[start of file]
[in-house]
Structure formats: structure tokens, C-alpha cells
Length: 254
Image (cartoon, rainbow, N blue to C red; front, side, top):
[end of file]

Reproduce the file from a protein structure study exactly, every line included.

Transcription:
[in-house]
Structure formats: structure tokens, C-alpha cells
Length: 254
Image (cartoon, rainbow, N blue to C red; front, side, top):